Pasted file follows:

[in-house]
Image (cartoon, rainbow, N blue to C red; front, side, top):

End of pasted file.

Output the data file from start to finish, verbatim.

[in-house]
Image (cartoon, rainbow, N blue to C red; front, side, top):